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Washington Post

Comic Relief
Humor Helps a Nation Come to Terms With Terrorism-Induced Anxiety

By Romy Ribitzky

May 10 — On Tuesday morning, Sept. 11, laughter was the last thing on Paul Fucito's mind. Moments after he learned that terrorists had attacked New York City, he felt the impact of American Airlines Flight 77 as it crashed into the Pentagon, blocks away from his office."

The rest of the day was chaotic," says the public relations specialist for George Washington University Law School. "People were running everywhere, phone lines were dead, and it took me two and a half hours to get in touch with my wife — who was working at the Commerce Department across the mall from the Pentagon that day — and make sure she was OK."

But during the difficult days that followed, Fucito acknowledges he was able to take temporary comfort in the occasional e-mail poking fun of the war on terrorism, or his co-workers' jokes about living and working in "al Qaeda's Bulls-Eye" — Washington, D.C.And now, seven months later, laughter is once again a natural pastime at the office.

For instance, on April 15 — known to most Americans as Tax Day — the FBI issued an alert to D.C.-area banks, and although it was taken seriously, the alert quickly sparked humorous exchanges. "At the office," Fucito says, "we jokingly said it was too bad the threats weren't called in to the IRS."He adds: "If humor is a way to deal with trying to feel normal again, then we're well on our way."

Tickle Your Funny Bones

The beneficial effects of humor have been enlisted for years to help people cope with everything from mild anxiety to cancer. "If you can look at something scary and find a way to manipulate the image into something funny, you can assert a control over it," says Mark Gorkin, a Washington, D.C.-based clinical social worker and America Online's "psychohumorist." Laughter has real physiological effects. It releases endorphins, the body's natural painkillers and mood enhancers. Laughter improves air exchange in the lungs, helps relax skeletal muscles and the body overall, and raises the heart rate and blood pressure in the same way an aerobic workout does.In fact, studies have shown that two minutes of belly laughter is equivalent to 10 minutes on a rowing machine.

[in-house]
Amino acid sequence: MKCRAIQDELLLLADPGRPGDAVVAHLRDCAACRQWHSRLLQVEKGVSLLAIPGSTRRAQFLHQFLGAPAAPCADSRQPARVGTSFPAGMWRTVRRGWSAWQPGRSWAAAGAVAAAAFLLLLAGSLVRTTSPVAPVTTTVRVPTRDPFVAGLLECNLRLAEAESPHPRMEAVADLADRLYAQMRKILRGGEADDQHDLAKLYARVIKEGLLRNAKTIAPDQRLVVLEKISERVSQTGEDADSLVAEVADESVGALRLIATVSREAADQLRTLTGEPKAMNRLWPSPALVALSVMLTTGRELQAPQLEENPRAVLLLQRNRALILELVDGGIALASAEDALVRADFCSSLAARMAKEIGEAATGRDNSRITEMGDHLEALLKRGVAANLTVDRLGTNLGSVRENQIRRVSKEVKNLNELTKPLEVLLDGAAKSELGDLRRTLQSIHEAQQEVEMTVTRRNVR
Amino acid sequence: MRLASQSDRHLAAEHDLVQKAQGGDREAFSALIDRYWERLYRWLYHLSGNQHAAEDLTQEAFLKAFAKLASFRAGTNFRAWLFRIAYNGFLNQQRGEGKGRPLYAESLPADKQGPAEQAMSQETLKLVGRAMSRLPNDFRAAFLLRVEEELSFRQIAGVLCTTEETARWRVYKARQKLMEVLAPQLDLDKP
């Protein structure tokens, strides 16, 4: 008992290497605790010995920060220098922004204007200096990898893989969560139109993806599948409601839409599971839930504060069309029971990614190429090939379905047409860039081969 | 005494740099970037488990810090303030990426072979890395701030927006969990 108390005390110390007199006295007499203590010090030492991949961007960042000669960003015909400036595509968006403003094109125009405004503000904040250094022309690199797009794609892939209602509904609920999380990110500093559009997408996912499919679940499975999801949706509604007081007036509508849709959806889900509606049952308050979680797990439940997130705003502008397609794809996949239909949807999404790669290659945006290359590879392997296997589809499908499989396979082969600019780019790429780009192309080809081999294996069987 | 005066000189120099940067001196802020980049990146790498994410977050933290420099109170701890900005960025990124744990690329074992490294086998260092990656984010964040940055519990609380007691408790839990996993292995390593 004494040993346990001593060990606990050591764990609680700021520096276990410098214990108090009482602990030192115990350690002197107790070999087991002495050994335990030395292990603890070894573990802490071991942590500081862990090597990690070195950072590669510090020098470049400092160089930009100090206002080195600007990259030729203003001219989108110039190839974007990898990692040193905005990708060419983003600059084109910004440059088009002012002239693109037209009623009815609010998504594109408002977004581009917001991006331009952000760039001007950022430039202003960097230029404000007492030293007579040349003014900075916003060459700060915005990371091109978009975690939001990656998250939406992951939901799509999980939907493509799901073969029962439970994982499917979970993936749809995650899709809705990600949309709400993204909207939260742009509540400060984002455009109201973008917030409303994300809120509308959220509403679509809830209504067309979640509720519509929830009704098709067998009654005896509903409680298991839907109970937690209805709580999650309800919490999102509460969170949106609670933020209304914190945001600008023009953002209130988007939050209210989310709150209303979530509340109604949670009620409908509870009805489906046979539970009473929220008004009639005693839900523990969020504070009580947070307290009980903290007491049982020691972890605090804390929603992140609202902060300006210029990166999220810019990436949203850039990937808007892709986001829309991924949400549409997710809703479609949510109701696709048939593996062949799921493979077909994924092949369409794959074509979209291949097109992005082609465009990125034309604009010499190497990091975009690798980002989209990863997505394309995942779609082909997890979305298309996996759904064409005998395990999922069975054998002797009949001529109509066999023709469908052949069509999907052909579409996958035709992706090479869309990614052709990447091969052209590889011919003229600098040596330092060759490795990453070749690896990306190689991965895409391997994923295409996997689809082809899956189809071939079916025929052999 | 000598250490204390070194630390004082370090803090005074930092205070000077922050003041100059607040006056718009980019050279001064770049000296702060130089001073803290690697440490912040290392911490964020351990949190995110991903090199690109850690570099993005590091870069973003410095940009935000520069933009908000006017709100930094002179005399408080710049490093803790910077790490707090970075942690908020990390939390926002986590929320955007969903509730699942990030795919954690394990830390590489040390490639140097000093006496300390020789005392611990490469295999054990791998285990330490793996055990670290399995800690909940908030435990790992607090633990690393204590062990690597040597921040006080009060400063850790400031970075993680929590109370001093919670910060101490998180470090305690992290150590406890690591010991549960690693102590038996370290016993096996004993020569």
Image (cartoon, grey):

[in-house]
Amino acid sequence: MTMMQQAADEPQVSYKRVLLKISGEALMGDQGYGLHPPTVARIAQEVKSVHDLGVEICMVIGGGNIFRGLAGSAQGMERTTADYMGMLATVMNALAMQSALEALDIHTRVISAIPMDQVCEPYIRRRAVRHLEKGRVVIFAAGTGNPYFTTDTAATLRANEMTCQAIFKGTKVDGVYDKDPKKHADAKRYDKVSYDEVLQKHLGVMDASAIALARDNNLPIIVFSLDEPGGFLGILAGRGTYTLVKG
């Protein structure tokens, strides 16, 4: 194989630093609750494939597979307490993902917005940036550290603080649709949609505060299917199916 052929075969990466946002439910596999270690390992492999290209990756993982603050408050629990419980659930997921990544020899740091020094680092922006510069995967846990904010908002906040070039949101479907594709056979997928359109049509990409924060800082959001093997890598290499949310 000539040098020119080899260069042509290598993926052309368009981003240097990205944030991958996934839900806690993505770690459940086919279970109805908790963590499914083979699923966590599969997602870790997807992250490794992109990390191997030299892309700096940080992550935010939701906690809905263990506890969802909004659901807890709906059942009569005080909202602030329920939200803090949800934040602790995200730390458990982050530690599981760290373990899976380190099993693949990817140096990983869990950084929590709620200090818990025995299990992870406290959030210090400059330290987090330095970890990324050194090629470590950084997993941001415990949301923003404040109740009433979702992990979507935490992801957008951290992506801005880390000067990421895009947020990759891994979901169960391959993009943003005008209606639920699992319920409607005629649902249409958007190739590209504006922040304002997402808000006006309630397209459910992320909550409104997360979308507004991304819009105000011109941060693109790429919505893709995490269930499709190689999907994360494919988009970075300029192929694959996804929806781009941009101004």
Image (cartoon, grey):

Humor can also serve to lessen the hierarchy between individuals, establish rapport, and decrease social distance, thereby lifting the spirit, says Karyn Buxman, a registered nurse from Hannibal, Mo., who is a leading proponent and practitioner of therapeutic humor." Humor relieves anxiety and tension, serves as an outlet for hostility and anger, and provides a healthy escape from reality," Buxman says.In the days after the attacks, she says, "There was a sense of 'Let's get through this together.' We had to laugh or we were just going to die."

‘Can We Be Funny?’

But as people tried to come to terms with the grim post-Sept. 11 reality, their reaction to this tragedy differed dramatically from that of others. For instance, experts recall that it took a mere 24 hours for gentle jokes to start circulating after the fatal explosion of the space shuttle Challenger, even as the event left the nation in shock and mourning. Not so with the terror attacks, says Boston College's Paul Lewis. "This thing really shut down American culture," says the English professor and humor researcher. "[Humor newspaper] The Onion paused publication, The New Yorker stopped running cartoons, and late-night comedians Jay Leno, David Letterman and others were replaced by nonstop news coverage."